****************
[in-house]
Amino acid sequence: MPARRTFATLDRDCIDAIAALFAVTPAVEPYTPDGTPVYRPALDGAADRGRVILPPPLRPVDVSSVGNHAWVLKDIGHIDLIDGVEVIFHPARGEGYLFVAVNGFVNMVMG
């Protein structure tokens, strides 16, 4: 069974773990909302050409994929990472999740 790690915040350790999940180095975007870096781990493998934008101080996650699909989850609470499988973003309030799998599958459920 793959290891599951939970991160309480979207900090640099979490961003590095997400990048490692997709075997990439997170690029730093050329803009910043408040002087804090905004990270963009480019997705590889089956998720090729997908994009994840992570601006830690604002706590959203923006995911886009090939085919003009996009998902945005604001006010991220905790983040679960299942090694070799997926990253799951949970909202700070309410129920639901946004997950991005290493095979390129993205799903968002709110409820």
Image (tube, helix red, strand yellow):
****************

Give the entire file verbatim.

[in-house]
Amino acid sequence: MPARRTFATLDRDCIDAIAALFAVTPAVEPYTPDGTPVYRPALDGAADRGRVILPPPLRPVDVSSVGNHAWVLKDIGHIDLIDGVEVIFHPARGEGYLFVAVNGFVNMVMG
């Protein structure tokens, strides 16, 4: 069974773990909302050409994929990472999740 790690915040350790999940180095975007870096781990493998934008101080996650699909989850609470499988973003309030799998599958459920 793959290891599951939970991160309480979207900090640099979490961003590095997400990048490692997709075997990439997170690029730093050329803009910043408040002087804090905004990270963009480019997705590889089956998720090729997908994009994840992570601006830690604002706590959203923006995911886009090939085919003009996009998902945005604001006010991220905790983040679960299942090694070799997926990253799951949970909202700070309410129920639901946004997950991005290493095979390129993205799903968002709110409820």
Image (tube, helix red, strand yellow):